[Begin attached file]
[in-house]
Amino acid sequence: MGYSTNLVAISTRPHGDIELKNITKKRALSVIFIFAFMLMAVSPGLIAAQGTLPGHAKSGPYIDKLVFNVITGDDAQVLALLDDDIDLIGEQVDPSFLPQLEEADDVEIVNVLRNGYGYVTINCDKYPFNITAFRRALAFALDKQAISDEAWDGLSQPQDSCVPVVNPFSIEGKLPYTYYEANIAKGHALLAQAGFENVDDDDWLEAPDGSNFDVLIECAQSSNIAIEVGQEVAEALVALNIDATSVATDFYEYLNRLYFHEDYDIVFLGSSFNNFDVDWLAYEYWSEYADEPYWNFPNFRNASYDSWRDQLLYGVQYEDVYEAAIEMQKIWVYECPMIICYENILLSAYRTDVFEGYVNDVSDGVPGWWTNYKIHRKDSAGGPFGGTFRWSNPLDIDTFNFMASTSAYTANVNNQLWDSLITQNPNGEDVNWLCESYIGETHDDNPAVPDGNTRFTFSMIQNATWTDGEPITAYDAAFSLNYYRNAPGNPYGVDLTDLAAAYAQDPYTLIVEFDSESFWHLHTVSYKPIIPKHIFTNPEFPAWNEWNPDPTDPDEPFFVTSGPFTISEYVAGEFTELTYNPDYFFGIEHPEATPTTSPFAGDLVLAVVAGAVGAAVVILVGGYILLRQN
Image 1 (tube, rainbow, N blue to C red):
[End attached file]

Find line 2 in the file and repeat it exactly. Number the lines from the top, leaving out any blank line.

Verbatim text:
Amino acid sequence: MGYSTNLVAISTRPHGDIELKNITKKRALSVIFIFAFMLMAVSPGLIAAQGTLPGHAKSGPYIDKLVFNVITGDDAQVLALLDDDIDLIGEQVDPSFLPQLEEADDVEIVNVLRNGYGYVTINCDKYPFNITAFRRALAFALDKQAISDEAWDGLSQPQDSCVPVVNPFSIEGKLPYTYYEANIAKGHALLAQAGFENVDDDDWLEAPDGSNFDVLIECAQSSNIAIEVGQEVAEALVALNIDATSVATDFYEYLNRLYFHEDYDIVFLGSSFNNFDVDWLAYEYWSEYADEPYWNFPNFRNASYDSWRDQLLYGVQYEDVYEAAIEMQKIWVYECPMIICYENILLSAYRTDVFEGYVNDVSDGVPGWWTNYKIHRKDSAGGPFGGTFRWSNPLDIDTFNFMASTSAYTANVNNQLWDSLITQNPNGEDVNWLCESYIGETHDDNPAVPDGNTRFTFSMIQNATWTDGEPITAYDAAFSLNYYRNAPGNPYGVDLTDLAAAYAQDPYTLIVEFDSESFWHLHTVSYKPIIPKHIFTNPEFPAWNEWNPDPTDPDEPFFVTSGPFTISEYVAGEFTELTYNPDYFFGIEHPEATPTTSPFAGDLVLAVVAGAVGAAVVILVGGYILLRQN